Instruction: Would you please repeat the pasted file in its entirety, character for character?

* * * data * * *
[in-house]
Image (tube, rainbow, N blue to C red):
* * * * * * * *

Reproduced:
[in-house]
Image (tube, rainbow, N blue to C red):